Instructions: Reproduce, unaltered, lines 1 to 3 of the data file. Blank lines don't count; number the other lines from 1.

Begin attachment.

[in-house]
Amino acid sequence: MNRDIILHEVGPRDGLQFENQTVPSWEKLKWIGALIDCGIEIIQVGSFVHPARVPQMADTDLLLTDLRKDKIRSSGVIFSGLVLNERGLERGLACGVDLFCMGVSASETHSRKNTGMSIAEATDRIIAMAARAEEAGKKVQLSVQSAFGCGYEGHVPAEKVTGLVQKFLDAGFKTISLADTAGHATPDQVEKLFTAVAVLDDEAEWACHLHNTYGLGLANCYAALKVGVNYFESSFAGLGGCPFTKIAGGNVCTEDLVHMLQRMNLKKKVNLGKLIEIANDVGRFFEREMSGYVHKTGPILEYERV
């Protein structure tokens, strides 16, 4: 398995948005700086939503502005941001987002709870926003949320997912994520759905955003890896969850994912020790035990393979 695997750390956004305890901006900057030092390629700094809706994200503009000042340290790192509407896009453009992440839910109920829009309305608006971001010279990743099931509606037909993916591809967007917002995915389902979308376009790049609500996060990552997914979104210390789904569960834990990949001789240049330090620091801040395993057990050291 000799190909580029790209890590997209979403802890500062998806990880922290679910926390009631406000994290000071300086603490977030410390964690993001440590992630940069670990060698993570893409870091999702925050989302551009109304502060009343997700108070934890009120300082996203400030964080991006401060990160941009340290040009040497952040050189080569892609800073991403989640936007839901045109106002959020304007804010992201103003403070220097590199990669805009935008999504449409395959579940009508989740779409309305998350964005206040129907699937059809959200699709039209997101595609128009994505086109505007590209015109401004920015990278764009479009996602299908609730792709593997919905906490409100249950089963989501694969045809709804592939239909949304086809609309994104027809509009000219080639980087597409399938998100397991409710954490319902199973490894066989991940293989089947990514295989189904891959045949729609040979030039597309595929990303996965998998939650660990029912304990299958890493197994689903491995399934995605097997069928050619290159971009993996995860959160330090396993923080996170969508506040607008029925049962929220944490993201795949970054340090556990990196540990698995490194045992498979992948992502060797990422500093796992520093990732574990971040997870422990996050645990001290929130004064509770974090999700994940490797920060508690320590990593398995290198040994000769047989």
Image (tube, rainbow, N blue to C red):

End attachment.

[in-house]
Amino acid sequence: MNRDIILHEVGPRDGLQFENQTVPSWEKLKWIGALIDCGIEIIQVGSFVHPARVPQMADTDLLLTDLRKDKIRSSGVIFSGLVLNERGLERGLACGVDLFCMGVSASETHSRKNTGMSIAEATDRIIAMAARAEEAGKKVQLSVQSAFGCGYEGHVPAEKVTGLVQKFLDAGFKTISLADTAGHATPDQVEKLFTAVAVLDDEAEWACHLHNTYGLGLANCYAALKVGVNYFESSFAGLGGCPFTKIAGGNVCTEDLVHMLQRMNLKKKVNLGKLIEIANDVGRFFEREMSGYVHKTGPILEYERV
């Protein structure tokens, strides 16, 4: 398995948005700086939503502005941001987002709870926003949320997912994520759905955003890896969850994912020790035990393979 695997750390956004305890901006900057030092390629700094809706994200503009000042340290790192509407896009453009992440839910109920829009309305608006971001010279990743099931509606037909993916591809967007917002995915389902979308376009790049609500996060990552997914979104210390789904569960834990990949001789240049330090620091801040395993057990050291 000799190909580029790209890590997209979403802890500062998806990880922290679910926390009631406000994290000071300086603490977030410390964690993001440590992630940069670990060698993570893409870091999702925050989302551009109304502060009343997700108070934890009120300082996203400030964080991006401060990160941009340290040009040497952040050189080569892609800073991403989640936007839901045109106002959020304007804010992201103003403070220097590199990669805009935008999504449409395959579940009508989740779409309305998350964005206040129907699937059809959200699709039209997101595609128009994505086109505007590209015109401004920015990278764009479009996602299908609730792709593997919905906490409100249950089963989501694969045809709804592939239909949304086809609309994104027809509009000219080639980087597409399938998100397991409710954490319902199973490894066989991940293989089947990514295989189904891959045949729609040979030039597309595929990303996965998998939650660990029912304990299958890493197994689903491995399934995605097997069928050619290159971009993996995860959160330090396993923080996170969508506040607008029925049962929220944490993201795949970054340090556990990196540990698995490194045992498979992948992502060797990422500093796992520093990732574990971040997870422990996050645990001290929130004064509770974090999700994940490797920060508690320590990593398995290198040994000769047989």